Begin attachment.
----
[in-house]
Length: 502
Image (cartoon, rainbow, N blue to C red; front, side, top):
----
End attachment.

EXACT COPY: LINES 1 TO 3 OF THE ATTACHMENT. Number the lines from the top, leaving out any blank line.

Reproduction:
[in-house]
Length: 502
Image (cartoon, rainbow, N blue to C red; front, side, top):